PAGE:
Again, as with most things about bread, we don’t really know who first developed leaven bread, but it was the Egyptians who first really embraced it. They developed the technique of keeping dough used the previous day as a started for the next day’s bread. This sourdough technique is still practiced today. 

The Boudin Bakery in San Francisco has a sourdough starter from 1849, and many bakeries around the world have yeast cultures that date back decades.

One of the creators of the Xbox, Sheamus Blakley, collected 4,500-year-old dormant yeast from Egyptian pottery and managed to get a yeast culture to grow from it. He claimed, “The aroma of this yeast is unlike anything I’ve experienced.”

Later on, yeast sources came from different places in different cultures. Beer producing areas like Gaul and Iberia, they used the foam from beer as a yeast starter. In wine-producing regions, grape-must often would be used as a yeast starter. The histories of wine and beer and yet again subjects for another episode.

The other big innovation was the oven. If you’ve ever prepared bread while camping on a flat rock or on a stick, it certainly can work and get the job done, but it isn’t quite the same as a freshly baked loaf of bread. In fact, for thousands of years, bread wasn’t really baked at all. That took the development of the oven. 

The earliest evidence of ovens came from ancient Greece. They developed the closed-door oven which allowed for a wider variety of bread to be created. It’s hard to pin down many of the firsts when it comes to bread because so many cultures around the Mediterranean made bread, and there was so much contact between them in terms of trade and exchange of ideas. 

I mentioned earlier that bread doesn’t fossilize, and that is true. However, it can solidify when it’s buried in volcanic ash, and that is exactly what happened when Mount Vesuvius erupted. 

A carbonized loaf of Roman bread called the Herculaneum loaf was discovered in 1930 in the villa of one Quintus Granius Verus. We know his name because the bread was stamped with a bakers stamp from the villa which was used for branding. It is a round sourdough loaf with radial cut marks on the top. 

Bread in the ancient world was a really big deal. Rome had a bakers guild, and a representative from the guild had a seat in the Senate.

In Greece, cities would compete with each other on the quality of their bread and their bakers. Athens, Rhodes, Cyprus, and other towns would all brag about their bread.

Almost everywhere, you could find many dozens of types of bread which differed in what grain they were made out of, how they were cooked, and what products were added. Bread with eggs, butter, or milk was more expensive and usually only eaten by the rich.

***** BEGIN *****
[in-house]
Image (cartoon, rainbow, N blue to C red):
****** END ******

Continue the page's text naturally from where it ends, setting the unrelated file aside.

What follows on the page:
In Rome, bread became a public good. There were subsidies for bread and it was given out by rich Romans who sponsored games, hence the bread and circuses. 

In the Middle ages, bread didn’t lose its importance as a food, however, how it was used did change slightly. 

A larger, stale piece of bread called a trencher was used as a plate during meals. Food was placed on the bread which would then adsorb any juices which came off the meat, and the bread could then be eaten as part of the meal.

This practice was eventually replaced by the use of bowls and dishes. 

There was little change to bread for centuries. From ancient times to about the 19th century, we would have probably easily recognized by sight and taste, ancient bread. 

The industrial revolution also saw the industrialization of bread making. In 1786 the Albion Flour Mill became the first four mill to use a steam engine instead of a wind or watermill. It was said it could output more flour than every other flour mill in London until it mysteriously burned down in a fire 5 years after it opened.

Sliced bread, was the greatest thing since sliced bread, and I did an entire episode on how sliced bread came to be, so I’ll just ask you to listen to that to get the full story.

In the 20th century techniques such as the Chorleywood bread process which allows for faster production with lower protein wheat was developed. Bread also became the vehicle for many additives which change the color, texture, as well as nutritional additives such as calcium.

One big change to bread is that traditionally darker, whole wheat bread was formerly considered the bread for the poor, and white bread from refined flour was the bread of the rich. In the late 20th century, those trends reversed with whole-grain bread now being more expensive, and refined, industrial white bread being cheaper.

In the 21st century, bread consumption, for the first significant time in centuries, has gone down. With increasing diagnoses of celiac disease and gluten intolerance, as well as more people trying to cut down on carbohydrates, bread consumption per capita might have reached its peak.

Over 56% of consumers have indicated that they are buying less bread than before, even though it is still estimated that 60% of people in the world eat some form of bread every day. 

Regardless of what happens with future diet trends, given its history and cultural significance, I don’t think that bread will be off the menu anytime soon.